Saturday, October 27, 2012
I was recently asked what are the rules for writing numbers in formal writing. The question set of a spark of curiosity which flamed into a fire, and the end result is another blog entry. The rules are first…the application follows.
1. Any one-word number should be written out. Two-word numbers may be expressed in figures. That is, you should write out eight or thirteen or seventy, but if you choose, you may use the numerals for 36. I, for one, will almost always choose to write out numbers in formal writing unless it is a dollar figure, a date/year, a time, a Bible verse, a decimal, or a huge or wordy number.
2. Don’t start a sentence with a numeral. Make it “Twenty-one years ago, I choked on a Skittle” not “21 years ago….” That means you might have to rewrite some sentences: “Readers bought 121 copies of Bulletproof the first day” instead of “121 copies were bought the first day.”
3. Centuries and decades should be spelled out. Use the Eighties or Nineteenth Century.
4. In formal writing, you should spell out the percentage like “I don’t get fifty percent of my royalties,” but for decimals, you’ll have to write the numerals—unless they start a sentence or a quote. One out of every 7.7 people in the world has a facebook account.
5. Rounded numbers over a million are written as a numeral plus a word. Use “There are over 526 million daily active facebook users.” If you’re using an exact number, you’d write it out, of course—526,000,212.
So let me apply a few of these rules in my writing (after all, if I don’t, you just read a very boring blog entry). I’m curious if you have ever wondered how many licks it takes to get to the tootsie roll center of a Tootsie Pop? I, oddly enough, was curious, and believe it or not, there’s a website dedicated to that very question…and a discussion forum as well (it sounds like a great way to spend some of your spare time, don’t you think?). I actually found the following quote on the Tootsie Pop website: “This is one of the most profound questions ever posed to humankind and animal alike.” The “ever” part kind of caught my eye…and, well, the part about animals posing this question too. Like a chipmunk and his buddies are standing around counting: “That’s 22,101…22,102….You can do it, Chip, and soon we’ll have answered one of the most profound Twentieth Century questions our species has ever posed.” Here’s another interesting quote: “What you have to do is measure the amount of saliva you produce per lick, measure the volume of the Tootsie Pop, find the amount each lick your saliva takes away from the pop, and divide that much by the total volume of the Tootsie Pop.” So I did the math…twice. I got fourteen once and 902 the other time. So here I was, pleased with myself for coming up with such scientifically accurate data when I ran upon this third quote, reminding me that my data could be flawed if I didn’t consider “acidity of saliva, coarseness of the tongue, pressure per square inch that the tongue is applied to the surface of the tootsie pop, ambient temperature, and the age of the tootsie pop.” So that is when my head exploded, and I unintentionally bit down on my pop after just 112 licks, and what do you know? There was the center tootsie roll. One hundred twelve is the answer.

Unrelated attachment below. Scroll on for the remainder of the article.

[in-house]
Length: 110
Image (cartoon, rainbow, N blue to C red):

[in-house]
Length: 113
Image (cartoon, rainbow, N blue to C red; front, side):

So there you are. You know new rules, you’ve discovered a cool new web site, and you have the answer to one of the most profound questions ever posed. It’s been a good day at The Red Pen.